Version 1.0, October 14, 2009
This is part 3 of the DARS Basic Web Accessibility Tutorial. Here, you will find HTML coding examples illustrating Web accessibility issues and how to make them accessible.
There are tools that can tell you if the default of the text on your page is sufficient, but you may be able to do a quick visual inspection to get a good idea if the contrast is okay. To be certain, you can use the Web Accessibility Tools Consortium's Contrast Analyser to test the contrast of your Web content.
The following examples have sufficient contrast.
Example of good contrast with black text on white background.
Example of good contrast with yellow text on black background.
Example of good contrast with white text on dark blue background.
The following examples show insufficient contrast. Watch for text that is similar in color to the background, such as yellow on white, or the same basic color as the background, such as light blue on dark blue. Very often, the contrast will be insufficient in those cases. Also, watch for red and green combinations, since difficulty distinguishing between red and green is the most common form of color blindness.
Example of bad contrast with yellow text on an orange background.
Example of bad contrast with light blue text on dark blue background.
Example of bad contrast with red text on a green background.
When changing text size, the recommended method is to use relative sizes, and not specific sizes.
These examples show specific point and pixel sizes used for fonts. If you use the browser's view option to expand the text, these will not expand, but will remain the same size. (This might depend on the specific browser being used.)
Example of using specific point size of 10pt (points) for text.
Example of using specific point size of 20pt (points) for text.
Example of using specific point size of 10px (pixels) for text.
Example of using specific point size of 20pt (pixels) for text.
You should use relative font sizes, such as "ems" or percentages, or use the "larger" or "smaller" options, as shown in these examples:
Example of 2em font size.
Here is the markup for the above 2em text:
<p style="font-size: 2em">Example of 2em font size.</p>
Here are some more examples using ems:
Example of font size 0.5em. Example of 1em. Example of 1.5 em.
Example of 200% font size.
Here is the markup for the above 200% text:
<p style="font-size: 200%">Example of 200% font size.</p>
Here are some more examples using %:
Example of font size 50%. Example of 100%. Example of 150%.
Example of larger font size.
Here is the markup used for the above larger text:
<p style="font-size: larger">Example of larger font size.</p>
Here are some more examples using relative sizes (smaller, medium, and x-large):
Example of font size smaller. Example of medium. Example of x-large.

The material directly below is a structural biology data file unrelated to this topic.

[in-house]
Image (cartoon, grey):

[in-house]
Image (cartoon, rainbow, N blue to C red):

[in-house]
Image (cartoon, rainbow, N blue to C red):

When creating section headers, be sure to use the HTML heading tags. Do not use text styling attributes to make text look like a heading without actually using the heading tags. For example:
Here is the markup for the above h3 heading.
<h3>This text is an h3 heading.</h3>
This text uses text styling to simulate an h3 heading.
Here is the markup for the above fake h3 heading. Do not do this!
<span style=" font-size: large; font-weight:bold">This text uses text styling to simulate an h3 heading.</span>
Remember the general rule: If it looks like a heading, it must be marked up as a heading!
All images must provide an alt attribute. If the image is purely decorative or redundant, then alt should be set to null. For images that provide meaningful information, the alt attribute should contain a short description of the image. Examples can be seen in the following sections.
Here is the code used for the decorative image to the left of the "Decorative image" heading above:
<img src="images/decorative-1.jpg" alt="" width="174" height="83" />
In this example, the image and the text that immediately follows it impart the same information, that is, they both link to Section A.
Here is a portion of the code used for the above redundant image link.
<a href="#link-to-sectiona"><img src="images/lettera.jpg" alt="" ... />Section A</a>
<img src="images/lettera.jpg" alt="" ... /> <a href="#link-to-sectiona">Section A</a>
Here is the code used for the above non-decorative image.
<img src="images/kitten-yarn.jpg" width="197" height="155" alt="Kittens playing with ball of yarn." />
Here is a portion of the code used for the above image tag:
<img src="images/DARSlogosm.gif" ... alt="Logo, Texas Department of Assistive and Rehabilitative Services, DARS" />
Often, a chart or graph is so complex that it cannot be easily described in a few words. In this case, the alt text should briefly describe the intent of the image, and tell the reader where a full text equivalent can be found.
The alt text for the following image is "Governmental Activities Net Assets for Fiscal Years 2005 to 2008. A link to a full text equivalent is provided in the following page text." Note that the text that follows the image provides a link to the text equivalent, as promised by the alt text.
The data seen in the above image can be found in tabular format at the following link: Governmental Activities Net Assets data table.
Here is the code used for the above image tag (only the alt attribute is provided, for simplicity):